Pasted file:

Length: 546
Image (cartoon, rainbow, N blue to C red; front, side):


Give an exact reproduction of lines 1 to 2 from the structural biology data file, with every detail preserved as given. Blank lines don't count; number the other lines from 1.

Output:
Length: 546
Image (cartoon, rainbow, N blue to C red; front, side):